It was billed as a game show, where contestants were offered a chance to make their dreams come true.
But what might've hurt Fantasy, which spent a year as part of NBC's daytime lineup, was that it was a sacrificial lamb fed to the then-white hot General Hospital. Game, set, & match.
Fantasy marked the return of co-host Peter Marshall to NBC after 2 years away, one year removed from the ending of the original Hollywood Squares, which had ended its run in syndication after 14 years on NBC (1966-80). Marshall this time was joined by actress-singer Leslie Uggams, who would go on to win a Daytime Emmy award for her work on the show. Coincidentally, Fantasy, Merrill Heatter's first series without now-retired partner Bob Quigley, was a collaboration with Columbia Pictures Television, which was co-producing a similar, yet fictional series about people realizing their dreams over on another network---Fantasy Island. I think you can see just about all the reason that's there for why this show flopped.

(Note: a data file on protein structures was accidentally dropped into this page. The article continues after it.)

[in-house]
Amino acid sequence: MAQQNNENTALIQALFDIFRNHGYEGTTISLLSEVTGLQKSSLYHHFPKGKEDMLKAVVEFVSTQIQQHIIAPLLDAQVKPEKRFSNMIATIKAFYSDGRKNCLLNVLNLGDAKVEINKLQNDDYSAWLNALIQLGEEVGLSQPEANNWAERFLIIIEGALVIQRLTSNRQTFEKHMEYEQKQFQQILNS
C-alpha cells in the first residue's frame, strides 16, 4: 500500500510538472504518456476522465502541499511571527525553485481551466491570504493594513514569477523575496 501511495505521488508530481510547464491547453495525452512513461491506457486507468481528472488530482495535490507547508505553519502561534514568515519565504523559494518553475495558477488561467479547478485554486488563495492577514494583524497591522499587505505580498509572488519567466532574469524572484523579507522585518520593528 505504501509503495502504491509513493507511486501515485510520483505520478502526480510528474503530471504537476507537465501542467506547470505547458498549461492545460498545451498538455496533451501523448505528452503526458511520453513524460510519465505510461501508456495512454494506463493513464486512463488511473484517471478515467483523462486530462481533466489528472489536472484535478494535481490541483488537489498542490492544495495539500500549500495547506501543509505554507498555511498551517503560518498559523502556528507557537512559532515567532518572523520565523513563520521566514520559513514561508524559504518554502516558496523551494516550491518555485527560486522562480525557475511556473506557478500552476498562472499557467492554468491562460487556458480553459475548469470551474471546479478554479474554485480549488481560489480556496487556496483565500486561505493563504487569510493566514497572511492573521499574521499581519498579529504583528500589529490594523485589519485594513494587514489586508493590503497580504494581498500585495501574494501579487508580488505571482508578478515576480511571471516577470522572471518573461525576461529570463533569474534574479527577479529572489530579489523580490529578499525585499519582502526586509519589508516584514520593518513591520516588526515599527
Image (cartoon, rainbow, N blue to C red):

Let's check out a sample episode.
No rating. At the time, we had one set in the house, and it was tuned to----wait for it----General Hospital.